How to handle working in the NHS

by Helen Fidler

It's important to prepare a strategy for harder times in your career

Location: UK
Last reviewed: 19 November 2020
helen fidler

We’re all familiar with the old aphorism ‘a medical career is a marathon, not a sprint’. Yet we embark on this journey without considering the stress to our mental wellbeing, or structured reflection on how those stresses will affect us as individuals.

Are you a perfectionist? – that’s going to be difficult at the moment when we are trying to cope with the anticipatory anxiety of a COVID surge while catching up with the backlog of patients waiting far too long for help. Are you self-critical? – the only doctor who doesn’t make mistakes is the one who doesn’t make clinical decisions. Do you have anger issues? – that won’t play out well with your colleagues and patients. Do you find it difficult to ask for help? – potentially dangerous for patients and for you.

So, we should all think about ourselves and recognise where we might be to keep ourselves surviving and thriving in the maelstrom of medicine.

And what strategies do you have to deal with tough times? When a complaint arrives, or a letter from the GMC, or you are bullied in job planning? This is an area that needs very careful thought. Just as you would never plan a patient’s management without having a clear idea of future risks, so you should not embark on this most challenging of careers without knowing what to do when things get tough.

Clearly, the culture of the NHS needs to change. We are underpaid, bullied and overworked with a lack of autonomy which is unrecognisable from when I first became a consultant 22 years ago. Huge inequalities exist for BAME (black, Asian and minority ethnic), women, and disabled doctors. But while the BMA must fight vigorously to change this, let me share the things that have helped me stay relatively sane and content during most of my career.

With five children, my competitive and perfectionist personality quickly came under pressure. After my first child I returned to work far too soon and spent whole ward rounds crying in the toilet – it took me ages to work out I might be depressed, and my GP about 30 seconds to tell me to take a week off.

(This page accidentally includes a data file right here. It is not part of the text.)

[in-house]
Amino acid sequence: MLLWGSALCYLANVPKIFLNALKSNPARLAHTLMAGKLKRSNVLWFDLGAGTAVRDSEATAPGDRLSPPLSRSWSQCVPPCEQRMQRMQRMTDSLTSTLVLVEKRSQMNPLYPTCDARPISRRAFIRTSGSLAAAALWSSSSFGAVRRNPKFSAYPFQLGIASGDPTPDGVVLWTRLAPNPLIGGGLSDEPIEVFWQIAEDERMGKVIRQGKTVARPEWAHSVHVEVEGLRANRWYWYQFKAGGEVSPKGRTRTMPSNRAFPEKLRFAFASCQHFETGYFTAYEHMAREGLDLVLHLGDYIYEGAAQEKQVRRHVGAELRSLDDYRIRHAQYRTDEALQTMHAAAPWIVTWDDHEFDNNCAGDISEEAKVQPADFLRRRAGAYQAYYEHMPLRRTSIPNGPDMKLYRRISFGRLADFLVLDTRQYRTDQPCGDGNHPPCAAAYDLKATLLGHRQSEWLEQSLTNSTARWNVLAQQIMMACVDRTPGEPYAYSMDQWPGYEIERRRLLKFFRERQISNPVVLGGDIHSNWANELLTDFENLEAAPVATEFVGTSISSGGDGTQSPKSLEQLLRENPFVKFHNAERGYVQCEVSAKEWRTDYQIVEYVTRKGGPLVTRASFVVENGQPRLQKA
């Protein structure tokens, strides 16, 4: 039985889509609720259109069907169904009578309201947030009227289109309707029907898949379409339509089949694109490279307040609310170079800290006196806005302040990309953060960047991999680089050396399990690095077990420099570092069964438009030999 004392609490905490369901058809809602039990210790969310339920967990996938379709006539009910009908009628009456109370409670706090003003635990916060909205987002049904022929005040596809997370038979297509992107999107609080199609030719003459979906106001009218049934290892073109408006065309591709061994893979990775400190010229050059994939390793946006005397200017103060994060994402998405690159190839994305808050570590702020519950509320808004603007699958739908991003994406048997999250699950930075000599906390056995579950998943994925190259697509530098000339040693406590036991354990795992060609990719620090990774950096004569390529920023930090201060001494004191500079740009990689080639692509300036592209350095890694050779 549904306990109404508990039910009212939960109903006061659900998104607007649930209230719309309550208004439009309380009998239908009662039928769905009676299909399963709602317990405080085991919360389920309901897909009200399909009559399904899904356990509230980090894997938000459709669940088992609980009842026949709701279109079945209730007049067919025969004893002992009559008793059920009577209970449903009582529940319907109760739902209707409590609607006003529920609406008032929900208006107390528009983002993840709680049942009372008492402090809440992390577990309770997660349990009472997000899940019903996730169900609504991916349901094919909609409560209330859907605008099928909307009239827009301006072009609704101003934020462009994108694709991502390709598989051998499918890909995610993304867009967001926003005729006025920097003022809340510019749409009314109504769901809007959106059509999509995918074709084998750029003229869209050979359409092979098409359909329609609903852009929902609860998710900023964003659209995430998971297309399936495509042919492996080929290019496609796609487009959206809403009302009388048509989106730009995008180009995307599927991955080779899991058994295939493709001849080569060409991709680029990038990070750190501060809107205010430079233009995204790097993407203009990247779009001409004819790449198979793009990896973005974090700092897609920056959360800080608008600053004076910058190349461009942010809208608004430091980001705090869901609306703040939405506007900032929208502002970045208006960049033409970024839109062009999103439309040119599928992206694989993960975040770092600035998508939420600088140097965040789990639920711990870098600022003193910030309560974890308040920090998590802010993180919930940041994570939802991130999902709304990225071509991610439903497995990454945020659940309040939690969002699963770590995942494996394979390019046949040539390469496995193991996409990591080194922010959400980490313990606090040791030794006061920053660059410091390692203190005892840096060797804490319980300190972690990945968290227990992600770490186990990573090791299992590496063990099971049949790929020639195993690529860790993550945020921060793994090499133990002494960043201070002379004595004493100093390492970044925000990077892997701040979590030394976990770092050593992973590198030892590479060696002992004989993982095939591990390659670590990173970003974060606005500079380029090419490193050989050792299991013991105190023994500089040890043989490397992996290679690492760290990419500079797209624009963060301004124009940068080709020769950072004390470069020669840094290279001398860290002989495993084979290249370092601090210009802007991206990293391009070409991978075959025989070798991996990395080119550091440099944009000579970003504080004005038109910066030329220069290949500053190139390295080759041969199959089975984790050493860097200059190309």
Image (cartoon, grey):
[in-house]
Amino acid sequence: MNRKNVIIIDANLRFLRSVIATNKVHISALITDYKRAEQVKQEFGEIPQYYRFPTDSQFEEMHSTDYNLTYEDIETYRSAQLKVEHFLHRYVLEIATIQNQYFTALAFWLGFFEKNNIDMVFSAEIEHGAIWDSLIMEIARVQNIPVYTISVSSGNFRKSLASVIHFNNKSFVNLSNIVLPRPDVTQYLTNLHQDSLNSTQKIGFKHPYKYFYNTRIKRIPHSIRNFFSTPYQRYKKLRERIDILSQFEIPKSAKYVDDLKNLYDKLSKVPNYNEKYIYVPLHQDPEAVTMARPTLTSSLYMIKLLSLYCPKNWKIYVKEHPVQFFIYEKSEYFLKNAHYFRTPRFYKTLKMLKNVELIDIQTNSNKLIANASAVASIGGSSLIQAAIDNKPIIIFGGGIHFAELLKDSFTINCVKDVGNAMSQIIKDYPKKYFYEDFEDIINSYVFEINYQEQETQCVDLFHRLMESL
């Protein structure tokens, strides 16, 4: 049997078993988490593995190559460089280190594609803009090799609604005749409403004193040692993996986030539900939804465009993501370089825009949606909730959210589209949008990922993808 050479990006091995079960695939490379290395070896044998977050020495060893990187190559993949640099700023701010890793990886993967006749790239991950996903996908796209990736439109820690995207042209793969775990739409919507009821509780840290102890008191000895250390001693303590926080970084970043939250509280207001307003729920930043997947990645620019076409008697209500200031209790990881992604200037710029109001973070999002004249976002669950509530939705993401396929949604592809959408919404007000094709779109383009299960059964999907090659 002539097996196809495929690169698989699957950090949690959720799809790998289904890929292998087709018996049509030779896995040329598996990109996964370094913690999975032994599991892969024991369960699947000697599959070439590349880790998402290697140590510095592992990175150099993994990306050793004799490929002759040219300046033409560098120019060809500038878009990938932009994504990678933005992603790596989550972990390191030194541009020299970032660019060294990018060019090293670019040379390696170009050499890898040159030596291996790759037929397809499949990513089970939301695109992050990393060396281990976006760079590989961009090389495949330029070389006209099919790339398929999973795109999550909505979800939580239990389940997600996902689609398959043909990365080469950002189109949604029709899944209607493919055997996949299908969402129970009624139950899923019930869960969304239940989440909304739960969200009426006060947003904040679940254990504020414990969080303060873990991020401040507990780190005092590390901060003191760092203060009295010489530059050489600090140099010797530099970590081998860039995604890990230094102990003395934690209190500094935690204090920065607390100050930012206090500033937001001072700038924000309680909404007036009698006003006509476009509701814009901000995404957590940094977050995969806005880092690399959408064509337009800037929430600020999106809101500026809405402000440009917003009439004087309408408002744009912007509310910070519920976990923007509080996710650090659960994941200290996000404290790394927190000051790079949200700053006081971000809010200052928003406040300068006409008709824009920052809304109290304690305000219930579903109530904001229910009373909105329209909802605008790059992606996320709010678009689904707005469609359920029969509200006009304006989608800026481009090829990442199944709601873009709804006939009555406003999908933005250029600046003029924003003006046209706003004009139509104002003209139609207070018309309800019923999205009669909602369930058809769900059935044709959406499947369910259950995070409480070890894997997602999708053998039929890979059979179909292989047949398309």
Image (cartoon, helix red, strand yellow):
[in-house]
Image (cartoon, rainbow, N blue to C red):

Things then went well until after my fourth child when I dreaded returning to sleepless nights on call as well as with the children. I nearly left the profession and it was only when I told my medical director I was leaving if I couldn’t change my job plan that I was able to keep going with fewer out-of-hours commitments.

I never recognised the continual anxiety I suffered from was not normal, and that many colleagues were actually able to sleep when on call from home rather than lying awake in a state of ‘fight and flight’.

It is poignant that suicide in doctors is rising fastest in women, and that the Practitioner Health Programme is seeing increasing calls from women aged 30 to 39. Men and women need help now, no one is immune, and our BAME colleagues are particularly at risk.

So, what has worked for me? My anxiety is now effectively treated. I play my violin. I have lessons and I play in an orchestra and in a church every week. I find it so difficult, I have to concentrate completely and intrusive thoughts about work fly away.

I have a dog – Jumble – who is just adorable and when I’m cuddling him I relax completely. I’ve developed a portfolio career so as I’ve got older I’m not in the ‘eye of the clinical storm’ without breaks, and over the last 10 years embraced medical politics which I find challenging and fascinating.

I’ve given up worrying about uncomfortable clothes and my appearance so much, which has taken a lot of pressure off me. I try hard to look after myself physically, although I battle with laziness and the lure of my sofa. I accept that I enjoy bad literature and ridiculous TV programmes. And I aim to be as kind to myself as I would be to a unhappy friend, when the responsibility and uncertainty of medicine weighs heavy on me, while fighting on the BMA consultants committee for an NHS that doesn’t put its employees at such a significant risk of burnout.

Helen Fidler is BMA consultants committee deputy chair